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First Cut: Consumer Confidence Index shows consumers rattled by pandemic news in March

The Conference Board’s Consumer Confidence Index showed consumers were rattled by news of the spread of COVID-19 in March and steps to stem the contagion. The survey was compiled with data through March 16 and may not fully reflect the increasing worries of consumers as shutdowns of  activities lengthen. The preliminary index reading of 120.0 for March was the lowest since 120.0 in July 2017, just before the labor market looked decisively stronger and income started to rise more substantively. A reading at the present level isn’t bad in the historical context, but a sharp drop like this is a signal that confidence may not hold up. The arrival of COVID-19 in force in the US is not a one-month influence on consumers’ perceptions.

Optimism in the present situation were only slightly affected — for now — but worries about the future were much more intense. The index for present conditions dipped a small 1.6 points to 167.7 in March, hardly more than a normal month-to-month swing. However, expectations for conditions six months from now — which accounts for 60% of the index — fell 19.9 points to 88.2, the lowest since 86.0 in October 2016.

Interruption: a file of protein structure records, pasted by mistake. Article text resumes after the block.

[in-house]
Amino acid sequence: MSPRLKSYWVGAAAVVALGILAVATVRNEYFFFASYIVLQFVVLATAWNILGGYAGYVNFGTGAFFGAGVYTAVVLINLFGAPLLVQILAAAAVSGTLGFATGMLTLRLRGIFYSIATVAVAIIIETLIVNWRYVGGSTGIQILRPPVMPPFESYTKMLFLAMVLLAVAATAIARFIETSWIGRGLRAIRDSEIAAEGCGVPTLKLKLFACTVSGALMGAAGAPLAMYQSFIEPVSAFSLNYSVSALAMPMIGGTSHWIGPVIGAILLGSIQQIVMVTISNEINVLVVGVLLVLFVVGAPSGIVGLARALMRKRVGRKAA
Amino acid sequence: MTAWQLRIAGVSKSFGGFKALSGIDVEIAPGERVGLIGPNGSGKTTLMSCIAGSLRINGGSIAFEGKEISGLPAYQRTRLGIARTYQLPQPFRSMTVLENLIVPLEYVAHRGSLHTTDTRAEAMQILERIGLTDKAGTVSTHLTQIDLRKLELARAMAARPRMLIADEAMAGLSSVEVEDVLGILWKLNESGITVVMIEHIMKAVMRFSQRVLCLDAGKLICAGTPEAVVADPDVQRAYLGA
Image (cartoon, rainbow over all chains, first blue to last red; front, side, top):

All the components of the Consumer Confidence Index were down in March. However, the negative contributions from present employment and present business conditions were small. It was anticipated sharp declines in future business conditions, future employment, and future income that led to the fall in overall confidence.

The report does not capture things like the massive increase in filings for jobless benefits that started around mid-month. Early in the month consumers may have been more worried about layoffs and/or finding work, but the reality hadn’t come home quite yet. The April reports on confidence should be far more affected by present conditions, although the outlook for the future may not worsen quite as much.

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